When I was a youth pastor at a church in Germany, I was talking to one of the youth workers about how he prayed. He told me that he uses is daily commute as a time of prayer. My immediate thought was, “How can you have a serious relationship with God when you are driving.” But now I understand that when you take into account the fact that he is a very active, communicative person, if you put him in a quiet room with a Bible and journal, he would probably go crazy. He communicated with God in way that fit who he is. He did not need to change how God wired him in order to have a deep connection with God.

Let me say it again: Different people pray differently.

For this reason alone, you need not ever compare your way of connecting to God with that of anther person. We can learn from each other, but we need not judge ourselves or others. We talk about various ways of connecting to God so that we can have our imaginations sparked and we can find ways that really work for each of us.

Different Imaginations Lead to Different Ways of Connecting
Our imagination is crucial when we think about connecting with God. But our imaginations work differently. Some people have a strong imagination. They can close their eyes, envision a place where they can meet with God and even imagine God sitting next to them. Some have a strong visual imagination and uses this approach to prayer quite a lot. But not everyone is a visual thinker. It’s a good thing that God can use our other senses to meet with us.

My wife, Shawna, is moved by music. She can listen to a song and it can quickly touch her soul. I, on the other hand, can hear a song ten times and never even hear the words. She often uses worship music, and even other songs, to help her connect with God.

For others, smells are important to their imagination. Lighting a candle or smelling the fresh air outside can help prepare them for connecting with God.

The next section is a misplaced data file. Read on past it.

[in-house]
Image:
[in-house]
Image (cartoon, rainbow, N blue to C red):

Touch or physical sensation is another important thing to consider. Some people find it helpful to wrap up in a warm blanket or pray while painting or squeezing clay or Playdo.

Take a few minutes and think about how your imagination works. Do visualize things easily? Are you moved by music? How do smells impact you? Are you a high touch person? If you’ve not thought about this much, try different things and see what works best.

Practices that Can Help You Pray
There are many different things that can help create pathways of prayer. For some reading can help people pray. You might read a book slowly or a devotional guide and then pray what you are feeling.
In a similar vein, I know of others who like to use a pray book to help them pray. They will read a few lines of a Psalm and then allow those words to spark their own prayers. I have found that using a book like Common Prayer by Shane Claibourne to be quite helpful. Some might assume that this is another approach to formulaic prayer, but actually when a prayer book is used well and you reflect on the words as you say them, it actually trains you to pray more honestly and in line with ways that God is working in the world. Other ideas include:

•    Journaling
•    Writing out your prayers
•    Reading a daily devotional book
•    Reflecting on a work of art (See the activity on the next page).
•    Reflecting on nature or a part of God’s wonderful creation
•    Sitting quietly
•    Reflecting on your day or the last week and reflecting on where God is in the midst of it
•    Reading poetry to spark prayers
•    Writing a poem or a story
•    Singing or playing a musical instrument
•    Praying with Friends
•    Physical expressions like clapping, dancing, shouting

Now think about what you like to do. What brings you joy? I love to read. So I am learning to connect with God as I read. If you like to run, can you use that as a time to pray, even if it’s just the first couple of minutes of your jog. If you enjoy nature, how might that be a way of developing a relationship with God?